Tucson may join a handful of cities honoring traditional and cultural hair styles by making it illegal to require someone to re-style their hair for school or work.
A high school athlete in New Jersey was forced to cut off his dreadlocks before taking part in a wrestling match in 2018. That story started a conversation about what is considered acceptable hair styling for schools and workplaces. It's a discussion that hit home for Tucson vice mayor Nicki Lee.
"Our family is a a mixed-race family and the topic of hair is something that is part of our conversation," Lee said at Tuesday's city council meeting.
Lee and council member Steve Kozachick are sponsoring a local version of the CROWN Act. CROWN stands for "Creating a Respectful and Open World for Natural Hair." It's a movement created by Dove, the personal-care brand, to boost acceptance of culturally-significant hairstyles, such as those prized by many African-Americans and Indigenous people.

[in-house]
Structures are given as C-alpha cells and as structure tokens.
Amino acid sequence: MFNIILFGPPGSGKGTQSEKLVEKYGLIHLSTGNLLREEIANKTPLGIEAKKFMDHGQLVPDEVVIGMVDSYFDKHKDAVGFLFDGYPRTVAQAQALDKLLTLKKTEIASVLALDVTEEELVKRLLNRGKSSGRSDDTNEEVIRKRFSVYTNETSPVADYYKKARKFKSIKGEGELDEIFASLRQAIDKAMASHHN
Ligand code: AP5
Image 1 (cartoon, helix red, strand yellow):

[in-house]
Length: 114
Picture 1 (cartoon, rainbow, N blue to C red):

Desiree Cook, a Tucson stylist and founder of the non-profit "I Am You 360" says for many people their hair is connected to their identity. "I just ask that you be open-minded, mayor and council, to actually allow people to adorn their crown and enhance their crown because it is a form of honoring our ancestors and our culture," she said.
Tuesday the council ordered the city attorney to incorporate the CROWN act into the city's human relations law. If the ordinance passes, schools and most employers would not be allowed to force a person to change their natural hairstyle.
The measure will come up for a formal vote at a later meeting.